IGN: In the first four episodes, there was a lot of Gungans…
Filoni: [Laughs] How about that, huh?
IGN: [Laughs] And there was lots of Jar Jar. Did you just think, “If we’re going to do a big Gungans storyline, let’s go all in and see what these guys are about”?
Filoni: There was some pretty big effort by us and George [Lucas] to say that, outside of Jar Jar, the Gungans themselves aren’t a goofy group. They’re not all tripping over their spears and awkwardly running around. Jar Jar’s kind of the anomaly there. They’re actually quite efficient warriors. You know, large, amphibious creatures would be pretty daunting to anyone. Though, I think that made them viable as a combatant, even though Jar Jar often times is at the front of the group.
IGN: In “Shadow Warrior,” you had the unlikely but fascinating battle of the Gungans versus Grievous. It’s in the rain, it’s really intense… Was that a lot of fun to approach that and see how that would play out?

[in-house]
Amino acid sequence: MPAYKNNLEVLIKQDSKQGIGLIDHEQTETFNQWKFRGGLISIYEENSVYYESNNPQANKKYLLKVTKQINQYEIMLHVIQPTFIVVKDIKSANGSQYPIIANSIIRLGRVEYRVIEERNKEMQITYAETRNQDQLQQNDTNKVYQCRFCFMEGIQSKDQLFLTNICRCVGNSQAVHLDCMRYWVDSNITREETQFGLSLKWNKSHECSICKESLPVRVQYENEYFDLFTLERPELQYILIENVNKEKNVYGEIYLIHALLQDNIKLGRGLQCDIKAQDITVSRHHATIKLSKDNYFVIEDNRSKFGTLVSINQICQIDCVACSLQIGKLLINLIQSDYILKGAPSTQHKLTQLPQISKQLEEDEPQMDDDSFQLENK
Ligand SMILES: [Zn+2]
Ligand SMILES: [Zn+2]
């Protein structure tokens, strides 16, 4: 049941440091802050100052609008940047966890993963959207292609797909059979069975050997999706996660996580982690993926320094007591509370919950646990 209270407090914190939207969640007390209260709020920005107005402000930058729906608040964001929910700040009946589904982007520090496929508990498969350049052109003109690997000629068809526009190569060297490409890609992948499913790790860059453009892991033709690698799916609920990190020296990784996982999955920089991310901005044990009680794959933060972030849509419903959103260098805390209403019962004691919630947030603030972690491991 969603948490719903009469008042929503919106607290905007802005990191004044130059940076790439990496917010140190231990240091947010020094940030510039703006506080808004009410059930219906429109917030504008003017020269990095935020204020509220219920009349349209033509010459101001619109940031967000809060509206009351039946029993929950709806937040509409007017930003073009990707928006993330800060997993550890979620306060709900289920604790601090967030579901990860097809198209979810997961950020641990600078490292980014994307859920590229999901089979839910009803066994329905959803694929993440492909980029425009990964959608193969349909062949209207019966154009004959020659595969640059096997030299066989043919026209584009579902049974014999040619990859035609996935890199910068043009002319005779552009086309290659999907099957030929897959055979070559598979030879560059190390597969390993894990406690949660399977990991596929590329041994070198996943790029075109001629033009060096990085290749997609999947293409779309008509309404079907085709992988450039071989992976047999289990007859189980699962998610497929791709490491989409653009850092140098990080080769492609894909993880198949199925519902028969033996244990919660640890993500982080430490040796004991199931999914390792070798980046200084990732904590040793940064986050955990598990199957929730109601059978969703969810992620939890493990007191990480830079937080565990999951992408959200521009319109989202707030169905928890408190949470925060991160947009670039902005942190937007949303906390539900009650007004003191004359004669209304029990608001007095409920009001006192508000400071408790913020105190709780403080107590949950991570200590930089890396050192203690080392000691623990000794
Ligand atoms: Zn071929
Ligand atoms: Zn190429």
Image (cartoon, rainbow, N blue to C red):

Filoni: Yeah, because that was a huge challenge. I think I’ve said before how I went back and forth on that one with George several times saying, “Wow, if we do this to Grievous, I think that’s going to be a big, big loss for him. His credibility’s going to go down.” You know, we argued about it back and forth several times trying to figure out was that going to be the best move. George was always pretty resolute that it was going to be fine, and he talked with me through how we could achieve it. And I thought, “Well, if we’re going to take him out, then we have to lose something pretty big on the good guys’ side to make the sacrifice seem pretty meaningful.” So we had to take out Tarpals, which is pretty sad actually. He’s a likable Gungan for sure. But I think it also, in a way, lends to Jar Jar’s character that he sees this all go down and that he witnesses it, that he kind of grows from the experience of watching this dramatic battle. Jar Jar’s character, I think we’ve been able to do a lot with him on our show. I think that any fan would say that doing several episodes in a series with Jar Jar Binks wouldn’t be their number one thing that they would think of doing. And it’s more the challenge of having the character and saying, “How can we take him out of just being the fool and developing him in a way where he is a little bit more than that?” Maybe he’s a little bit smarter, maybe he cares about things and maybe he’s affected by the things in a way that makes you actually care about that character. Like anything, I think that Jar Jar, overtime, I think he grows on you. I think he’s part of the Star Wars language — oddly, in some ways.